Hiking Mt Tourist- I mean, Vesuvius!

“What did you do last weekend?” “Oh you know, the usual, watched TV, went down the pub, hiked up a volcano.”

walking up view

If you’re heading to Naples or around Campania, a great excursion is hiking up Mt Vesuvius. It makes a change from sunbathing on the beach or getting sweaty looking at old ruins. However, be prepared to be completely surrounded by like-minded tourists. The summit is even equipped with several cafes and tacky souvenir shops.

tourism shopssss

To start of P and I headed to Ercolano using the circumvesuviana. From Naples take the blue line in the direction of Sorrento. (Or take the super fast new train which I’ve heard is coming soon but will cost like 10x the price).

map

Outside the station in Ercolano there’s a massive poster and floods of people everywhere so it’s not at all difficult. We actually went in April so I can’t imagine how crowded it must get in the summer. To the left is a company called Vesuvio Express, who for the not-so-reasonable price of €20 (€10 for travel, €10 for entry) will collect you about an hour and a half after the time stamped on your ticket and after a ten or so minute bus trip you’ll be at the car park. The good thing is you don’t have to spend an age queuing for your entrance ticket as the guy from the company quickly goes and gets them. Then they wait about 90 minutes while you hike, which we found was only just enough time. P and I were the last ones back to the bus after racing back down the volcano. If you’re late, I guess they just leave without you and you have to walk all the way down and back into town.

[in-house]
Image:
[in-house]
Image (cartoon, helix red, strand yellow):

view of mt somma

As for the hike from the car park to the summit, it wasn’t really a hike. It was slightly up hill but not exhaustingly. Some people actually had hiking sticks with them!! The only thing was the weather, it was so windy and bitterly cold up there, despite it being a beautiful, sunny day. Still, P and I had a lovely time wandering around and chatting. You can walk almost around the entire crater, but then for some reason they make you go back on yourself instead of just looping round. I’m taking a guess here but I’m sure it’s so if the cafes and souvenir shops didn’t get you the first time, maybe they’ll get you the second. At the last shop on the trail you can even buy a plastic cup of wine on tap! Though to be fair the price was pretty good, maybe €2 a cup. Pack your own food though because sandwiches etc will set you back €6-€10.

hiking up

The views were great, I’d definitely recommend the excursion although it might be better if you drive yourself (save yourself an hour an half or more waiting around for the bus driver to finish his espresso or whatever he was doing). When we returned to Erolano we had a little walk around the town, which was much better equipped with restaurants etc than our tiny little Somma Vesuviana. We stopped for a pizza but I was pretty appalled that the entire restaurant didn’t have any basil. What’s a margherita without any basil?! Still went down great with a beer though.

view top

smokey crater

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The fantastic ruins of Herculaneum are also situated in Ercolano, about a 5 minute walk from the station down one straight road, so if you’re short for time it makes sense to do both in one day. The ruins there aren’t of the same magnitude as Pompei, but in April the weather was sunny and cool and there were hardly any tourists there.